The essence of taking a mortgage security is to give the lender an assurance of having property to fall back on upon failure of the debtor to meet his contractual obligations on the date fixed for payment of the debt. However, when a borrower is in default, the lender usually has to encounter a number of formalities to be followed and obstacles to be overcome throughout the enforcement process.
Under Turkish law, foreclosure of a mortgaged property can only be achieved by way of a public auction as part of a judicial enforcement procedure. In other words, non-judicial foreclosure and private sale arrangements are not allowed in Turkey. The foreclosure process is conducted by execution offices and it may involve court proceedings if the debtor objects to the claim. The provisions relating to foreclosure proceedings are regulated under the Code of Enforcement and Bankruptcy No. 2004 (“CEB”).
The procedure to be followed in foreclosure proceedings differ depending principally on what type of mortgage has been granted to the lender. There are two types of mortgage defined under Turkish law: (i) principal mortgage, and (ii) limit mortgage. Basically, a principal mortgage secures a certain amount of loan extended to the borrower, and it constitutes an absolute and unconditional acknowledgement of debt by the borrower. A limit mortgage, on the other hand, is created to secure unspecified loans up to a certain limit which represents the maximum amount that can be collected out of the proceeds of forced sale. The limit mortgage is usually preferred to secure receivables where there is a current account or a line of credit arrangement between the lender and the borrower. Unlike the principal mortgage, the limit mortgage does not constitute an absolute and unconditional debt acknowledgement.
If the loan is secured by a principal mortgage, the procedure to be followed is called “execution on judgment”. In this procedure, the enforcement is based on a court judgment or a debt acknowledgement made before certain public authorities such as a court, notary public, or an execution office. Accordingly, a principal mortgage qualifies for execution on judgment as the official mortgage deed drawn up by the title registrar certifies the absolute and unconditional acknowledgement of debt.
If the loan is secured by a limit mortgage, the lender is required to follow the procedure called “execution without judgment”. Self-explanatory as it reads, the enforcement does not stem from a court judgment or an acknowledgement of debt made before a court/public authority. Needless to say, however, a lender holding a limit mortgage can follow the execution on judgment procedure, provided that a favorable court judgment recognizing the existence and validity of the debt or the mortgage right (or both) has been rendered prior to commencing foreclosure proceedings.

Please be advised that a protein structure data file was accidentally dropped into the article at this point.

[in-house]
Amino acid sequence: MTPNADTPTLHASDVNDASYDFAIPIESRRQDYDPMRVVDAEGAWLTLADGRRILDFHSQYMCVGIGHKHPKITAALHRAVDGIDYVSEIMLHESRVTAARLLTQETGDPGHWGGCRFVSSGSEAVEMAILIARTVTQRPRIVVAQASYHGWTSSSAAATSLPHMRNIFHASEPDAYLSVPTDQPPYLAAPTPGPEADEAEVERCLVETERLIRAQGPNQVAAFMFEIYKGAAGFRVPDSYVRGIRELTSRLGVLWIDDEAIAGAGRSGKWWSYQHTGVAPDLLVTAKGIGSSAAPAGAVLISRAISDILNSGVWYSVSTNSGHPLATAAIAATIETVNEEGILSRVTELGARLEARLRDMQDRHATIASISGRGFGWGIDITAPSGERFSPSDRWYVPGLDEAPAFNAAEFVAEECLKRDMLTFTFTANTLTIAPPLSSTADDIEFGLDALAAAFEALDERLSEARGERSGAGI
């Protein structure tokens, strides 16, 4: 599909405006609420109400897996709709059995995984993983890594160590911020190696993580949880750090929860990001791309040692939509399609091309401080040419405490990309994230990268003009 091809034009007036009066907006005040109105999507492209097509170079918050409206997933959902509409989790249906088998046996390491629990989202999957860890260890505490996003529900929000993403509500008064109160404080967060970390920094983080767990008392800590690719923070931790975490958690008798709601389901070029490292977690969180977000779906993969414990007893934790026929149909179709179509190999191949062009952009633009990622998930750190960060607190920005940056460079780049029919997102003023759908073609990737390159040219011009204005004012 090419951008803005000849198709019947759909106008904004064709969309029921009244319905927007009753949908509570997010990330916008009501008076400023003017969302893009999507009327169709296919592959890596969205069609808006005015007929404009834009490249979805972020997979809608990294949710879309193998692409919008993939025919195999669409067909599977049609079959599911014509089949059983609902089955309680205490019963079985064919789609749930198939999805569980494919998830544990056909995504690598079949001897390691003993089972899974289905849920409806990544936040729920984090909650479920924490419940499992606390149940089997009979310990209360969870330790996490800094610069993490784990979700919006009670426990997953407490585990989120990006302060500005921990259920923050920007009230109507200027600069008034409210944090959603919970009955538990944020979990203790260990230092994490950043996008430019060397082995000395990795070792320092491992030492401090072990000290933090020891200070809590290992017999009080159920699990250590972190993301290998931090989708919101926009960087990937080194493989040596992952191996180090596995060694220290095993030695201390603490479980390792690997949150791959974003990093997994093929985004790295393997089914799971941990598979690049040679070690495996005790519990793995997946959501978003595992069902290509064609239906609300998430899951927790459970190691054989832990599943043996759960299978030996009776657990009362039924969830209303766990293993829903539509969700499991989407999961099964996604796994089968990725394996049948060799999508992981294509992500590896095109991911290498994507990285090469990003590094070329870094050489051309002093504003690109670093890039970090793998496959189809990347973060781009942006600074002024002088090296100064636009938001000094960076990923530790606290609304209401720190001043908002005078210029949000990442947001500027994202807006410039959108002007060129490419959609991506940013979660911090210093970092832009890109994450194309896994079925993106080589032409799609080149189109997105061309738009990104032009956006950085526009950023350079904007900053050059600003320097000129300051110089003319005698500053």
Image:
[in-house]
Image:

Execution on judgment is substantially a creditor-favoured procedure as the basis of the debt claim (i.e. a court judgment or an official acknowledgement of debt) represents a preponderant evidence of indebtedness. Only on a very limited number of grounds can the debtor request the suspension of the foreclosure.
Execution without judgment, on the other hand, tends to be more time-consuming and cumbersome procedure for a creditor as the foreclosure can easily be suspended by request of the debtor. Indeed, the foreclosure process is automatically suspended if the debtor objects to the claim within the statutory period. The debtor does not necessarily need to depend on a strong legal ground, a mere objection to the claim would be sufficient to halt the foreclosure proceedings. In such a situation, the creditor has to bring an action against the debtor to set aside the suspension and proceed to the later stages of foreclosure.
However, the law provides a significant exception in favour of banks and other credit institutions. If the loan secured by a limit mortgage is extended by a credit institution, the execution on judgement procedure can be followed in place of the execution without judgment procedure. To be able to benefit from the relatively creditor-friendly nature of the execution on judgment regime, the credit institution must send a notice of nonpayment to the debtor through notary public and submit a notarized copy of the notice to the execution office at the initiation of the foreclosure proceedings. Both domestic and foreign credit institutions may enjoy this exemption for their secured loans extended in whatever form, including revolving credits, cash or non-cash loans etc.
Step 1: Enforcement Order
Upon application to the competent execution office by the creditor, the execution office serves an enforcement order to the debtor. If the mortgage has been granted by a person other than the debtor, or the mortgaged property was later transferred from debtor to a third person, the enforcement order should be sent to the owner of the property as well.
The enforcement order requires the debtor to pay the debt within 30 days from the date of receipt. After expiration of this statutory grace period, the creditor becomes eligible to request the forced sale of the mortgage property through a public auction.